Cesare Siepi: Opera singer celebrated for his portrayal of Mozart’s Don Giovanni

The Italian bass Cesare Siepi was one of the finest exponents of Mozart's Don Giovanni to tread the opera stage in the second half of the 20th century. He sang the role 71 times in New York at the Metropolitan Opera; he sang it at La Scala in Milan, the Vienna State Opera, the Salzburg Festival, the Royal Opera House in London and many other places. He was also a powerful King Philip II in Don Carlos and sang at least eight or nine other of Verdi's rewarding bass roles. His range easily extended to Wagner, sung in Italian at La Scala and in German at the Met. His beautiful voice, strong, warm and supple, allied to good looks and a splendid stage presence, brought him a popularity that lasted throughout his long career.

Siepi was born in Milan in 1923. He studied briefly at the Conservatory there, but was mainly self-taught. He made his debut in 1941 at Schio, near Vicenza, singing Sparafucile in Rigoletto. In 1943, to escape being called up by the Fascists, he fled to Switzerland and was interned there. At the end of the Second World War he resumed his career, singing Silva in Verdi's Ernani at La Fenice in Venice. In 1946 he sang Zaccaria in Verdi's Nabucco at the re-opening of La Scala, where he continued to sing for a dozen years.

In 1947 he sang Nonno innocenzo in the first performance of Pizzetti's L'oro and the following year took part in the 30-year memorial celebrations of the death of Arrigo Boito, singing the title role of the composer's Mefistofele and Simon Mago in Nerone, conducted by Toscanini. In 1950 he accompanied the Scala company to Covent Garden, singing Pistol in Verdi's Falstaff and the bass part in the Verdi Requiem.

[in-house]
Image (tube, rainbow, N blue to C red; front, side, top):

Siepi's other roles at La Scala included Raimondo in Donizetti's Lucia di Lammermoor and Balthasar in the same composer's La Favorite; the Old Hebrew in Saint-Saëns' Samson et Dalila, Lothario in Thomas's Mignon, the Grand Inquisitor in Don Carlos, Pogner in Wagner's I maestri cantori and Ramfis in Aida.

In 1950 he made his debut at the Met as Philip II in Don Carlos and continued to sing there for 23 seasons. As well as Mozart's Don Giovanni and Figaro, his repertory included Don Basilio in Rossini's Barbiere di Siviglia, Mephistophélès in Gounod's Faust, Colline in La Bohème, Alvise in Ponchielli's La Gioconda, Oroveso in Bellini's Norma, Mussorgsky's Boris Godunov and Verdi's Padre Guardiano in La forza del destino, Silva in Ernani, Zaccaria in Nabucco and Fiesco in Simon Boccanegra. In 1970 he sang Gurnemanz in Wagner's Parsifal in German.

Meanwhile he made his debut at the Salzburg Festival in 1953 as Don Giovanni and later sang Philip II there and in Vienna. In 1953 he sang in San Francisco as Padre Guardiano and Figaro, returning in 1954 as Don Giovanni and Mephistophélès. In 1962 Siepi sang Don Giovanni and Philip II at Covent Garden. His Giovanni, elegant and attractive as well as sinister and, occasionally, frightening was indeed superb, while as Philip he expressed the authority of the King and the loneliness of the man in equal measure. Both characterisations carried a tremendous dramatic punch while the vocal line remained subtly phrased and as smooth as black velvet.

Siepi continued to sing until 1988. In 1982 at the Teatro Liceu in Barcelona he sang Henry VIII in Donizetti's Anna Bolena, a role he first sung in the same theatre in 1947. He sang Rodolfo in Bellini's La sonnambula at Seattle in 1984 and added to his Verdi collection with Roger in Jérusalem at Parma in 1986.

Cesare Siepe, opera singer: born Milan 10 February 1923; married; died Atlanta, Georgia, United States 5 July 2010.